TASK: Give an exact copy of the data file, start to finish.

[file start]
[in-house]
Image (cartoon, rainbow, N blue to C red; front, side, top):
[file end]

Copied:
[in-house]
Image (cartoon, rainbow, N blue to C red; front, side, top):